- , /ˌdɪdʒ.ər.iˈduː/, /%dIdZ.@r.i"du:/
Australian musical instrument
- Chinese: 蒂杰利多 (dìjiélìduō)
- Dutch: didgeridoo
- Finnish didgeridoo
- French: didgeridoo
- Italian: didgeridoo, didgeridù, didjeridoo, didjeridu
- Spanish: didgeridoo
- Swedish: didgeridoo
- iDIDJ Didgeridoo Cultural Hub of Australia Definition of Didgeridoo & more
- /ˌdɪ.ʤɘ.ri.ˈdu/, or as English.
pagenumbers article The didgeridoo (or didjeridu) is a wind instrument of the Indigenous Australians of northern Australia. It is sometimes described as a natural wooden trumpet or "drone pipe". Musicologists classify it as an aerophone.
A didgeridoo is usually cylindrical or conical in shape and can measure anywhere from 1 to 3 m (3.2 ft to 9.8 ft) in length with most instruments measuring around . Generally, the longer the instrument, the lower the pitch or key of the instrument. Keys from D to F♯ are the preferred pitch of traditional Aboriginal players.
There are no reliable sources stating the didgeridoo's exact age, though it is commonly claimed to be the world's oldest wind instrument. Archaeological studies of rock art in Northern Australia suggests that the Aboriginal people of the Kakadu region of the Northern Territory have been using the didgeridoo for about 1500 years, based on the dating of paintings on cave walls and shelters from this period. A clear rock painting in Ginga Wardelirrhmeng from the freshwater period (1500 years ago until the present) shows a didjeridu player and two songmen. In some Aboriginal cultures, only men are permitted to play it, and women can only use clapsticks. Didgeridoos can also be found in East Timor and other countries. Although, their didgeridoos are different from the Aboriginals, and are more plain, sometimes supported by weaving.
Name"Didgeridoo" is considered to be an onomatopoetic word of Western invention.
It has also been suggested that it may be derived from the Irish words dúdaire or dúidire, meaning variously 'trumpeter; constant smoker, puffer; long-necked person, eavesdropper; hummer, crooner' and dubh, meaning "black" (or duth, meaning "native").http://www.flinders.edu.au/news/articles/?fj09v13s02 However, this theory is not widely accepted.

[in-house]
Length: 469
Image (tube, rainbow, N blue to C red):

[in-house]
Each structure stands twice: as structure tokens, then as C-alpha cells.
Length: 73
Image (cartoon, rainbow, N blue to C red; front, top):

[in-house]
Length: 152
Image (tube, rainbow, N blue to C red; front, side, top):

The earliest occurrences of the word in print include the 1919 Australian National Dictionary, The Bulletin in 1924 and the writings of Herbert Basedow in 1926. There are numerous names for this instrument among the Aboriginal people of northern Australia, with yirdaki one of the better known words in modern Western society. Yirdaki, also sometimes spelt yidaki, refers to the specific type of instrument made and used by the Yolngu people of north-east Arnhem Land. In Western Arnhem Land, mago is used, although it refers specifically to the local version. Many believe that it is a matter of etiquette to reserve tribal names for tribal instruments, though retailers and businesses have been quick to exploit these special names for generic tourist-oriented instruments.
Construction and playAuthentic Aboriginal didgeridoos are produced in traditionally-oriented communities in Northern Australia and are usually made from hardwoods, especially the various eucalyptus species that are endemic to the region. Sometimes a native bamboo or pandanus is used. Generally the main trunk of the tree is harvested, though a substantial branch may be used instead. Aboriginal didgeridoo craftsmen spend considerable time in the challenging search for a tree that has been hollowed out--by termites--to just the right degree. If the hollow is too big or too small, it will make a poor quality instrument.